“You want to cut hands? Here are two! Cut them!” So dares a fishmonger to the occupiers of her hometown, theatrically presenting the officer leading them with her fileting knife. The scene is one of the most memorable from the Franco-Mauritanian Timbuktu, directed by Abderrahmane Sissako, released in December 2014. (More…)

Many have noted, with amused or outraged disdain, the contortions with which right-wingers from Dick Cheney to David Cameron are seeking to appropriate a piece of the Madiba magic. Few have as yet noted its converse: icons of the modern left condemning Nelson Mandela for not being socialist enough. (More…)

Somalia’s PR strategy is violence. Or so one might be inclined to think, based on press coverage of Nairobi’s spectacular Westfield mall attack by al-Shabaab gunmen (and apparently women.) The last time that Somalia fanned comparable ripples in US media culture was during the Battle of Mogadishu, a highfalutin moniker for the botched commando raid in 1993, in which 18 American soldiers and an estimated 1000 Somalis were killed. (More…)

Kenya’s elections went better than expected. True, accusations of vote rigging have led the losers to contest the result. More alarming, however, both the newly-elected president and his running mate are under indictment by the International Criminal Court for crimes against humanity. On the other hand, given that the December 2007 elections resulted in over 1,000 deaths and 300,000 refugees, the ICC cases are infinitely preferable. (More…)

It was supposed to be over. The conflict in Mali, which was said to be on the verge of resolution, has devolved into an old fashioned guerrilla war. With French and Malian forces battling Ansar al-Dine rebels around the eastern city of Gao, François Hollande’s triumphal visit to the country, to declare victory, recalls George W. Bush’s mission accomplished event aboard the USS Abraham Lincoln, in 2003. (More…)

I’ve got this thing about airplanes. Especially if I am taking them in the forgotten corners of the world. There was that Yerevan to Moscow flight, stopping off in Vladikavkaz for fuel paid for by us, the passengers, dropping various currencies into our begging pilots’ cap. There was that Yak40 linking Ulanbaatar to God knows where in rural Mongolia, with more goats and clucking hens than humans as passengers. (More…)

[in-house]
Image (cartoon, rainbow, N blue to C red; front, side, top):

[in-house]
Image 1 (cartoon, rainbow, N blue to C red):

Monsieur Richard Ndeudjui, from Makenene in central Cameroon, is a contented man. Thanks to his Moringa leaf tea, he has vanquished the symptoms of his malaria. His son, a student at the University of Yaoundé, brought back the idea and convinced dad to try. (More…)

Military occupations bring certain themes to mind: human rights abuses; poverty; crowded refugee camps, and so on. Geographic references are equally synonymous: Palestine, Kashmir or West Papua, to cite the most recent example. Rarely, if ever, is the miserable situation in the sparsely-populated province of Western Sahara cited. (More…)

Zimbabwe’s Shona kitchens are grand affairs: sturdily-built round brick huts, always covered with a prettily tailored thatch roof. The walls are clad in mud or plaster, and often painted in traditional designs. By contrast, the houses are simple, almost slapdash: roughly put-together brick boxes, with a corrugated iron roof. (More…)

It was late. The two of us were cradling our drinks on the verandah of Shane Bartlett’s camp. We were rehashing the day’s events and discussing potential projects, but mostly discussing the principles under which Shane and Allan Savory, the prophet, visionary and former owner of the surrounding lands, are managing this farm near Victoria Falls, in Zimbabwe. (More…)

In the Dogon country of Mali, something astonishing is happening. In a dozen villages northeast of Koro, facing the hot Sahara desert, food is in plentiful supply, despite the drought affecting the region. Dogon farmers reaped a bumper crop a year ago, ensuring their villages would have enough food to carry them through the dry season. (More…)